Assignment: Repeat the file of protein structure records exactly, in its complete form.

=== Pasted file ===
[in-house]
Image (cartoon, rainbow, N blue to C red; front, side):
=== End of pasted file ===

[in-house]
Image (cartoon, rainbow, N blue to C red; front, side):